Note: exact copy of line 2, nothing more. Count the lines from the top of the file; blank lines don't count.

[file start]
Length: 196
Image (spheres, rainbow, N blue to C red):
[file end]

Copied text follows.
Image (spheres, rainbow, N blue to C red):